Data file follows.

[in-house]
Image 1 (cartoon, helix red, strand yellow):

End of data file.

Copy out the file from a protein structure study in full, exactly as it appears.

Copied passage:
[in-house]
Image 1 (cartoon, helix red, strand yellow):